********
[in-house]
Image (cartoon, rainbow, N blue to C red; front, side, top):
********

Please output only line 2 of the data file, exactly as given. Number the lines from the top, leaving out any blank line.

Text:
Image (cartoon, rainbow, N blue to C red; front, side, top):